Synopsis: An unhappy couple rediscover their lost love for one another when a 10 year old boy comes to visit them for the summer…
Stars: Don Johnson, Melanie Griffith, Elijah Wood, Thora Birch
Director: Mary Agnes Donoghue
Running Length: 111 minutes
TMMM Score: (7.5/10)
Review: An American remake of the French film Le Grand Chemin (The Grand Highway), Paradise was conceived as a star-vehicle for the then-married duo of Griffth and Johnson. Playing a couple teetering on the brink of separation one can’t help but see some real life parallels. Johnson and Griffth would eventually divorce (for the second time!) in 1996 but here they play well off each other in a sweet, harmless puff of a film that I’ve always found to be a nice diversion. While the couple receives top billing, the film unquestionably belongs to Wood as a sensitive boy sent to live with his mom’s friend while the mother gets her life together. The conceit that the mother would leave her son with people he doesn’t know for an entire summer always was a creaky plot contrivance. The couple has suffered a loss and if the mother and Griffth’s character were such good friends, she would know that a young boy staying with them that is roughly the same age as their son would have been seems a little rough.
Wood was just starting off in Hollywood and from his performance here it’s easy to see why his career took off. The acting never seems forced or false and he holds his own, creating a character that’s sensitive and justifiably standoffish. His developing father-son-esque relationship with Johnson brings out the best in both. I’ve never found Johnson to be an actor to write home about but he does good work here…his scenes with Wood and Griffith have an authenticity that’s hard to fake. Griffith’s voice will wear on you after a while but she’s remarkably restrained here…she’ll never be as good as she was in Working Girl but this was a departure of a role for her and ultimately she acquits herself nicely.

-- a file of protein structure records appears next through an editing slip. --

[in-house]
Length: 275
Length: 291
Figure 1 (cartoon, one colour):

If Wood makes a good impression here, Birch walks away with the movie. Precocious, mischievous, and wise beyond her young years she buddies up to Wood and forms a great friendship over the summer. It would have been so easy to insert a little growing romance between the two but when Birch pats Wood on the back and says “You’re my best friend”…it’s more of a heart-tugger than any unrequited love that could exist between the two.
With a movie filled with some obvious clichés it’s not surprising that this failed to ignite the box office or gather much praise from the critics but never you mind that. What you have here is an overlooked movie that has a lot of heart and no major agenda. Give it a spin.